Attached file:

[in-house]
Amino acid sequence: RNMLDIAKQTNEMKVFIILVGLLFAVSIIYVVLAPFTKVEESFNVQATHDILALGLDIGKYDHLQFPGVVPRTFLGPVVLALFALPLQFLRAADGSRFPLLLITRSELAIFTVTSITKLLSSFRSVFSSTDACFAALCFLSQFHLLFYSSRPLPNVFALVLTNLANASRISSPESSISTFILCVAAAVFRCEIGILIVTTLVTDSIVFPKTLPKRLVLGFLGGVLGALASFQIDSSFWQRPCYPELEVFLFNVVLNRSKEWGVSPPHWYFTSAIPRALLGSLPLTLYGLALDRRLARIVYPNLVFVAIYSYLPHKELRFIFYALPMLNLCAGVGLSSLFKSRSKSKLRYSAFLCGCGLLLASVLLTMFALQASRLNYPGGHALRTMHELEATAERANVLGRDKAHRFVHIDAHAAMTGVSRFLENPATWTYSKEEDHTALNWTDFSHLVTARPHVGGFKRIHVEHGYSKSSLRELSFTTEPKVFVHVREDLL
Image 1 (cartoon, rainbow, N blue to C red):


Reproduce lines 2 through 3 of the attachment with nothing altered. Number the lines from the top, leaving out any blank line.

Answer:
Amino acid sequence: RNMLDIAKQTNEMKVFIILVGLLFAVSIIYVVLAPFTKVEESFNVQATHDILALGLDIGKYDHLQFPGVVPRTFLGPVVLALFALPLQFLRAADGSRFPLLLITRSELAIFTVTSITKLLSSFRSVFSSTDACFAALCFLSQFHLLFYSSRPLPNVFALVLTNLANASRISSPESSISTFILCVAAAVFRCEIGILIVTTLVTDSIVFPKTLPKRLVLGFLGGVLGALASFQIDSSFWQRPCYPELEVFLFNVVLNRSKEWGVSPPHWYFTSAIPRALLGSLPLTLYGLALDRRLARIVYPNLVFVAIYSYLPHKELRFIFYALPMLNLCAGVGLSSLFKSRSKSKLRYSAFLCGCGLLLASVLLTMFALQASRLNYPGGHALRTMHELEATAERANVLGRDKAHRFVHIDAHAAMTGVSRFLENPATWTYSKEEDHTALNWTDFSHLVTARPHVGGFKRIHVEHGYSKSSLRELSFTTEPKVFVHVREDLL
Image 1 (cartoon, rainbow, N blue to C red):